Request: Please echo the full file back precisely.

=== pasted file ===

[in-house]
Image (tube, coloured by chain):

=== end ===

[in-house]
Image (tube, coloured by chain):